Tuesday, August 14, 2012


I've been pondering all of these wonderful homesteading blogs that I enjoy reading.  And chuckling to myself, because this new homesteading craze--it's how I grew up.  We all did.  All of us country kids anyway.  Our momma's had huge gardens (which we were pressed into weeding and picking), we helped make preserves and pickles and jams, we bought sides of beef and chickens from the neighbours to fill the freezer for winter.  My mom made bread for us, muffins and cookies--I don't think I had store bought bread until my early teen years, not at home anyway.  We had fish that we caught with our dad, and venison from my grandpa.  We didn't have hens, 'cause they smell according to my dad, but we got farm fresh eggs from the neighbour.  My parents huge garden had a compost heap (long before plastic composters were to be had), the garden was fertilized with manure from the family farm.

Don't get me wrong, I love that homesteading has become a new way of being/living for so many newly rural folk.  But I do chuckle at the notion that this self-sustaining way of living is new.  I was at a friend's house yesterday morning, a friend who grew up in the city.  He planted his very first garden this year.  Let's just say that this single man planted a garden that would provide for a family of 15.  He has enough tomatoes and beans to feed himself for about 5 years, if he gets it all into the freezer or canned.  I offered to teach him how to do canning and preserving.  He looked at me like I had just sprouted another head.  I offered him some gardening advice.  Again with the second head look.  I finally asked him what the heck was the matter.  His reply--"how do you know this stuff?"  I guess I have A LOT of knowledge tucked away in the back of my head, stuff that I haven't used in years.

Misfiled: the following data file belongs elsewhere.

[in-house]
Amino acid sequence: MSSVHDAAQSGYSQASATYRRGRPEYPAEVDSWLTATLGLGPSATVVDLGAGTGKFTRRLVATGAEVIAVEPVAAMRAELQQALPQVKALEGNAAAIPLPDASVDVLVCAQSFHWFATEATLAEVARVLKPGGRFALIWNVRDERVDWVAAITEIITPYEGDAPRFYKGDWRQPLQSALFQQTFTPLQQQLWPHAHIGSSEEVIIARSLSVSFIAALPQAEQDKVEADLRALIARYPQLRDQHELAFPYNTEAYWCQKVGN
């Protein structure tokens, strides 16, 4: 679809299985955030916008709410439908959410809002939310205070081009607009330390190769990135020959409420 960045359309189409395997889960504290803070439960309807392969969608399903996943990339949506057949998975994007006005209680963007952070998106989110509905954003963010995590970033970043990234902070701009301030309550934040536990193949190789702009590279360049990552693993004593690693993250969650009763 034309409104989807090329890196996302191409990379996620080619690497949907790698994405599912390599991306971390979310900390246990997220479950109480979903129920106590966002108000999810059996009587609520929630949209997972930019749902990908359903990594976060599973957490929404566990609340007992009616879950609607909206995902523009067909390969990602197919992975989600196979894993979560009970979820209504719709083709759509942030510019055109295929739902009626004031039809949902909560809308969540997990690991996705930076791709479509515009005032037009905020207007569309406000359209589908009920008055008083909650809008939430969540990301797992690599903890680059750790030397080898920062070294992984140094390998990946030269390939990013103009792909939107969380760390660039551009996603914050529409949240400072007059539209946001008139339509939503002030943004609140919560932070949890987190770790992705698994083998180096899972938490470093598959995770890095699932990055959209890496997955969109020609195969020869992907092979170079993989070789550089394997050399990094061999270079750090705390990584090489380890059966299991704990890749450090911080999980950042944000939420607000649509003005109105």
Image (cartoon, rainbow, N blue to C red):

I haven't had a garden for years.  Between kids sports, spring being the busiest time of year for a teacher, and just not enough steam to get things rolling in the spring, I just haven't done it.  I also moved a few years ago to a new house without the benefit of pre-made gardens.  A blessing and a curse.  Every year I have the best of intentions, but just never get there somehow.  But looking at the bounty of my friend's garden made me pine for it like crazy.  I think I might put the teenagers to work helping me get gardens dug and amended this fall, so that in the spring I can easily plant.  I have a vision!  And my hubs is likely cringing if he reads this, he knows what that means :)

My good friend shares the bounty of his garden and gave me a lovely basket filled with 5 types of tomatoes, cucumbers, green beans and onions straight from the garden.  A beautiful basket lined with a cloth, all piled up.  I ate a bunch of tomatoes and a cucumber with supper last night.  Nothing compares to produce picked that same day for flavour!  And he's offered more--I will gladly take him up on that offer, and he will be receiving some pickles and chili sauce made with his produce in return.